Bramble–Hilbert lemma

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In mathematics, particularly numerical analysis, the Bramble–Hilbert lemma, named after James H. Bramble and Stephen Hilbert, bounds the error of an approximation of a function by a polynomial of order at most in terms of derivatives of of order . Both the error of the approximation and the derivatives of are measured by norms on a bounded domain in . This is similar to classical numerical analysis, where, for example, the error of linear interpolation can be bounded using the second derivative of . However, the Bramble–Hilbert lemma applies in any number of dimensions, not just one dimension, and the approximation error and the derivatives of are measured by more general norms involving averages, not just the maximum norm.

Additional assumptions on the domain are needed for the Bramble–Hilbert lemma to hold. Essentially, the boundary of the domain must be "reasonable". For example, domains that have a spike or a slit with zero angle at the tip are excluded. Lipschitz domains are reasonable enough, which includes convex domains and domains with continuously differentiable boundary.

The main use of the Bramble–Hilbert lemma is to prove bounds on the error of interpolation of function by an operator that preserves polynomials of order up to , in terms of the derivatives of of order . This is an essential step in error estimates for the finite element method. The Bramble–Hilbert lemma is applied there on the domain consisting of one element (or, in some superconvergence results, a small number of elements).

The one-dimensional case[edit]

Before stating the lemma in full generality, it is useful to look at some simple special cases. In one dimension and for a function that has derivatives on interval , the lemma reduces to

where is the space of all polynomials of order at most .

In the case when , , , and is twice differentiable, this means that there exists a polynomial of degree one such that for all ,

This inequality also follows from the well-known error estimate for linear interpolation by choosing as the linear interpolant of .

Statement of the lemma[edit]

[dubious ]

Suppose is a bounded domain in , , with boundary and diameter . is the Sobolev space of all function on with weak derivatives of order up to in . Here, is a multiindex, and denotes the derivative times with respect to , times with respect to , and so on. The Sobolev seminorm on consists of the norms of the highest order derivatives,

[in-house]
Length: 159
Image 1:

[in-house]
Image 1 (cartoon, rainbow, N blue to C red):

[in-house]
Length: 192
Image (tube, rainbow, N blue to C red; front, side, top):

is the space of all polynomials of order up to on . Note that for all and , so has the same value for any .

Lemma (Bramble and Hilbert) Under additional assumptions on the domain , specified below, there exists a constant independent of and such that for any there exists a polynomial such that for all

The original result[edit]

The lemma was proved by Bramble and Hilbert [1] under the assumption that satisfies the strong cone property; that is, there exists a finite open covering of and corresponding cones with vertices at the origin such that is contained in for any .

The statement of the lemma here is a simple rewriting of the right-hand inequality stated in Theorem 1 in.[1] The actual statement in [1] is that the norm of the factorspace is equivalent to the seminorm. The norm is not the usual one but the terms are scaled with so that the right-hand inequality in the equivalence of the seminorms comes out exactly as in the statement here.

In the original result, the choice of the polynomial is not specified, and the value of constant and its dependence on the domain cannot be determined from the proof.

A constructive form[edit]

An alternative result was given by Dupont and Scott [2] under the assumption that the domain is star-shaped; that is, there exists a ball such that for any , the closed convex hull of is a subset of . Suppose that is the supremum of the diameters of such balls. The ratio is called the chunkiness of .

Then the lemma holds with the constant , that is, the constant depends on the domain only through its chunkiness and the dimension of the space . In addition, can be chosen as , where is the averaged Taylor polynomial, defined as


is the Taylor polynomial of degree at most of centered at evaluated at , and is a function that has derivatives of all orders, equals to zero outside of , and such that

Such function always exists.

For more details and a tutorial treatment, see the monograph by Brenner and Scott.[3] The result can be extended to the case when the domain is the union of a finite number of star-shaped domains, which is slightly more general than the strong cone property, and other polynomial spaces than the space of all polynomials up to a given degree.[2]

Bound on linear functionals[edit]

This result follows immediately from the above lemma, and it is also called sometimes the Bramble–Hilbert lemma, for example by Ciarlet.[4] It is essentially Theorem 2 from.[1]

Lemma Suppose that is a continuous linear functional on and its dual norm. Suppose that for all . Then there exists a constant such that


  1. ^ a b c d J. H. Bramble and S. R. Hilbert. Estimation of linear functionals on Sobolev spaces with application to Fourier transforms and spline interpolation. SIAM J. Numer. Anal., 7:112–124, 1970.
  2. ^ a b Todd Dupont and Ridgway Scott. Polynomial approximation of functions in Sobolev spaces. Math. Comp., 34(150):441–463, 1980.
  3. ^ Susanne C. Brenner and L. Ridgway Scott. The mathematical theory of finite element methods, volume 15 of Texts in Applied Mathematics. Springer-Verlag, New York, second edition, 2002. ISBN 0-387-95451-1
  4. ^ Philippe G. Ciarlet. The finite element method for elliptic problems, volume 40 of Classics in Applied Mathematics. Society for Industrial and Applied Mathematics (SIAM), Philadelphia, PA, 2002. Reprint of the 1978 original [North-Holland, Amsterdam]. ISBN 0-89871-514-8

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